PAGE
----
One of the best reviewed films of the year after coming out of high praise at Toronto, Barry Jenkins’ Moonlight won Best Picture – Drama tonight at the Golden Globes. The film follows a young boy named Chiron who is trying to find his identity as he grows into manhood.
Based on Tarell Alvin McCraney’s play In Moonlight Black Boys Look Blue — the film was divided into three chapters in the life of Chiron so three different actors play the lead role separated by 10 years each. Set in Miami’s Liberty City projects, the picture offers a melancholic portrait of life in the unromantic suburbs as the main character navigates the crack-riddled streets of his neighborhood and struggles with a complex love for his best friend.
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In accepting the award, Jenkins said, “As someone who went eight years without making a piece, I thank A24. A24. A24.” Moonlight has been handled deftly by distribution executives at A24, rolling out in four screens initially and grabbing a whopping $414K to rank as the best opening per screen average of the year at the specialty box office. No small feat for a relativity new director and a film with no name stars. This is only the second film for Jenkins after his 2008 Medicine for Melancholy.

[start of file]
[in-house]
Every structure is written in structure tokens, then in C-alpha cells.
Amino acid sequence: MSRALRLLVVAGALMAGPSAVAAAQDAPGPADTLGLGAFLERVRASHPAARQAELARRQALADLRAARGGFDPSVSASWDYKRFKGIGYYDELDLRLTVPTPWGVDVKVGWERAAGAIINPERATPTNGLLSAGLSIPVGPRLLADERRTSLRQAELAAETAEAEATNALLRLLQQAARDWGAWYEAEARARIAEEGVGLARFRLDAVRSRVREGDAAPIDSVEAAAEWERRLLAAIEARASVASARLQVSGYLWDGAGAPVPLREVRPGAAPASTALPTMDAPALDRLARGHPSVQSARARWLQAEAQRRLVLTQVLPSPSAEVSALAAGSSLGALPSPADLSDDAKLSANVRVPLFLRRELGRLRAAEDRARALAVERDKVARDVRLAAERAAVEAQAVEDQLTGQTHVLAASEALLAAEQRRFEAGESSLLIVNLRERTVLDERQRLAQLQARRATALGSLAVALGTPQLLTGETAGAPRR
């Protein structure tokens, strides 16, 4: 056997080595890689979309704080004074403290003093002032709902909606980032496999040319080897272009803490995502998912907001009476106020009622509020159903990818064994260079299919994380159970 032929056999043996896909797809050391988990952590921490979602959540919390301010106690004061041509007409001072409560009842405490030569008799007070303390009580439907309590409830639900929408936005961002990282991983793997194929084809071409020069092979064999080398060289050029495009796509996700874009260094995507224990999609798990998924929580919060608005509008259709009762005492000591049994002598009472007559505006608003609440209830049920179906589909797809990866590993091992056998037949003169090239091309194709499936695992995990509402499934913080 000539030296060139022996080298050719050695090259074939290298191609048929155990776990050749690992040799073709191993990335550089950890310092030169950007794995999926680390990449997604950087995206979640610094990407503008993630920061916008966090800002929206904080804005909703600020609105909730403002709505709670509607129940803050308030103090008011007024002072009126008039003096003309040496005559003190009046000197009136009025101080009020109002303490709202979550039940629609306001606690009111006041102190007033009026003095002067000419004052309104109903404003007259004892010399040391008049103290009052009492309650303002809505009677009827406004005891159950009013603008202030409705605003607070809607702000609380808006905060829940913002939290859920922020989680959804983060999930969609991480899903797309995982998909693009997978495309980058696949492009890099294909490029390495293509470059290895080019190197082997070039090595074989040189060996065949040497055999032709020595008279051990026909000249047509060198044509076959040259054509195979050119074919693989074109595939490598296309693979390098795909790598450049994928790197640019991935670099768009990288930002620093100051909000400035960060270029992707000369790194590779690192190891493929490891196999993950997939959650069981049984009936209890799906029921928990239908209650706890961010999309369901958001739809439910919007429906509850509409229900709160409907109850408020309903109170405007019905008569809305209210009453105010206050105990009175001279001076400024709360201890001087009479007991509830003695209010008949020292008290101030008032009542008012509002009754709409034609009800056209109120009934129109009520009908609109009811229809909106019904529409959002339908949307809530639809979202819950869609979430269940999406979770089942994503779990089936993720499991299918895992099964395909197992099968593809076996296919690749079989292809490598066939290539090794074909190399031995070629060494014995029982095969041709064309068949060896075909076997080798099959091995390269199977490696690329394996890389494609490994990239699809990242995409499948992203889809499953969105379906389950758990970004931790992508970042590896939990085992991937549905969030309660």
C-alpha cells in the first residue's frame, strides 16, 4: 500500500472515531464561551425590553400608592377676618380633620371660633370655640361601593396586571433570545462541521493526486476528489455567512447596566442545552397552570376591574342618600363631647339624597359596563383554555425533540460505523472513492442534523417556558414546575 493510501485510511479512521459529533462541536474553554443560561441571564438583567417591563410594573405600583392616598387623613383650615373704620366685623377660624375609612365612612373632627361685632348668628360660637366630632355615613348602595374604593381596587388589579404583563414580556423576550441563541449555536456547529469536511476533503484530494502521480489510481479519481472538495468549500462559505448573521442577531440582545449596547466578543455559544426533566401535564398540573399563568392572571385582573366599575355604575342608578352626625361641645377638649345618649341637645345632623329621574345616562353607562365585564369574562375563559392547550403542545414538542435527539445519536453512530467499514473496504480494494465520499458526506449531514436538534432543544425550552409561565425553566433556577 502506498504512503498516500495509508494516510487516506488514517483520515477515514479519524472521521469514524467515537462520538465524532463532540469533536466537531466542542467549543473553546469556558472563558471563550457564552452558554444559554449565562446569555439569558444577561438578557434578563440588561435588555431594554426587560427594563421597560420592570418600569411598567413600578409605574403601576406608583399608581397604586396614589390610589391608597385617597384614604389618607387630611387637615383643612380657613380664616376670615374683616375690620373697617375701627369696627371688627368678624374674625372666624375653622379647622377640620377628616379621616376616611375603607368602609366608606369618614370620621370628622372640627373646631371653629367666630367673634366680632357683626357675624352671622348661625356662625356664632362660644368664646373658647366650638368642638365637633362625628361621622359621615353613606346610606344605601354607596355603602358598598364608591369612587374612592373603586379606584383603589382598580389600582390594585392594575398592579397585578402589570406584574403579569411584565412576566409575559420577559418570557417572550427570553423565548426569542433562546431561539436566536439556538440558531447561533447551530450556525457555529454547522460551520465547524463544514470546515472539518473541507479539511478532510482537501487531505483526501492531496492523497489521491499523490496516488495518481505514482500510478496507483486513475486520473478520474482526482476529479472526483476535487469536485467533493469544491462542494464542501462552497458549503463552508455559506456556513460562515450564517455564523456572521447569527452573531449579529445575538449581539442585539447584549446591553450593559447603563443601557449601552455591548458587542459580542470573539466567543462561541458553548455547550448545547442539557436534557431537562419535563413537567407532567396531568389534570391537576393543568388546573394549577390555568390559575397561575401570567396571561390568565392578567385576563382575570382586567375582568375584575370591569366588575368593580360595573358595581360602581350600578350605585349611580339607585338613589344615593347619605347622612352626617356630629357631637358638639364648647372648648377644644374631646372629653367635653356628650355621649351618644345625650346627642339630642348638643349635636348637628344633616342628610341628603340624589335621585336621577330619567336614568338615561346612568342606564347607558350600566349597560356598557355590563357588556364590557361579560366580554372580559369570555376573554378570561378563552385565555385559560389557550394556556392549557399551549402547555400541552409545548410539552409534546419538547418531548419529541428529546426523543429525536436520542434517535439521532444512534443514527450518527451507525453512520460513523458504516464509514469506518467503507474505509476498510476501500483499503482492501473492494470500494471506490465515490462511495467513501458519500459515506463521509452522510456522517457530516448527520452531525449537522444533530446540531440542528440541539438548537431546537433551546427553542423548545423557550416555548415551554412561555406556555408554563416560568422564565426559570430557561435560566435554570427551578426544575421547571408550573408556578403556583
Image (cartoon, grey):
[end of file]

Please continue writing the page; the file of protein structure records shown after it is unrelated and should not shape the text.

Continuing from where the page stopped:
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Of her role as Chiron’s crack-addicted mother, Harris told Deadline: “I underestimated how difficult the role would be. But Paula [is] she’s very, very complex. And also, for me, because I’m Miss Teetotal. I don’t drink, I don’t smoke, I don’t do anything like that. I felt this huge chasm between us. It was like she was on the other side of the world, and how was I going to reach her?”
The film was nominated for six Golden Globes winning the biggest one of the night with Best Picture – Drama. It has also been nominated for three SAG Awards, five Independent Spirit Awards, and won Best Director and Best Supporting Actress for Naomie Harris from the National Board of Review. Director Jenkins has also been nominated for Best Original Screenplay from the WGA.
Little pictures like this thrive on word-of-mouth. With that in mind, Jenkins asked those who have seen the movie to help out and “Tell a friend. Tell a friend. Tell a friend.”
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